“The more that a pattern is replicated, the more we can use that one Bit Marker to point to it,” Rickard said. “The effect of that is typically 3x to 4x amplification, although I have seen it go as high as 24, with the worst case being 1.2x. This solves the size problem and solves the cost problem. That was the first innovation.”

Rickard said that the second problem Formulus Black solves is persistence.

“Because DRAM has been volatile, it has never been appropriate for storage,” he stated. “We keep it safe against power loss, because if we detect a power failure, we will take system memory from DRAM and migrate it to external SSDs. This couldn’t be done before, because hard drives were too slow for this migration. You would run out of power before the whole thing was copied. Now with our amplification, we can do it well within the envelope, treat the whole system like a big NVDIMM, not give up the capacity, and do it at a much cheaper cost point.”

The third problem address was that system architectures still don’t recognize the memory channel as having a place for storage, and just view the IO bus for storage.

“We solved this issue by modifying KVM and the Ubuntu kernel so the hypervisor can see system memory as either memory or storage,” Rickard said. “So we can create a  virtual disk out of memory. The application thinks it is talking to storage, when it’s actually amplified memory. This also eliminates another system artifact, that memory is only used for cache. Since all storage is now in memory, we’ve eliminated the need to provision any cache at all.”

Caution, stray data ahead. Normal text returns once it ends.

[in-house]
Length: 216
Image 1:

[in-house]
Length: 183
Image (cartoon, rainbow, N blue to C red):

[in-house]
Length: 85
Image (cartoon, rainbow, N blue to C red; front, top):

Rickard also stressed that this technology is fundamentally different from memory-driven computing.

“They are talking about composable infrastructure, which independently scales infrastructure, storage and compute to optimize,” he said. “It requires a different management plane to make it work and all that stuff has to be invented. Our model requires no changes to either the application or the deployment model or the way we fit into the applications. There is no heavy lifting and no code rewrite.” It plays nicely with existing hardware, loading as an image on top of a standard modern Intel platform – Broadwell Haswell or Skylake – or AMD Epyc.

“Once you load an image, we present a standard virtual machine hypervisor to the world,” Rickard said. “Anything that runs on a virtual machine will run on our platform, and we provide a GUI similar to VMware ESX or Nutanix.”

The Go-to-Market strategy is to license the software stack to enterprises, OEMs and cloud providers.

“We are targeting strategic partnerships primarily in the backup space, notably Veeam and Rubrik, although we don’t have formal relationships with them,” Rickard said. “There are other logical partnerships with other ISVs that make sense going forward, around things that create a lot of memory, and with ISV platforms that address very specific verticals. This is like fairy dust to these vertical applications. We can make Greenplum databases look a lot better.

Formulus Black has six channel partners at this point, and are looking for more, with a strong vertical focus.

“We are the underpinning, but we would be almost invisible to their customers,” Rickard indicated. “We have a channel program well underway. We will make our partners’ offerings look better against their vertical competitors. These partners with vertical focus give us that front line expertise. It is so much more efficient than a direct model where every application is new.”

Pricing is per socket.

“We will work with a single socket or dual socket license, fully loaded with memory or not, and with no extra cost for applications,” Rickard said. “The model is about as straightforward as it can be.”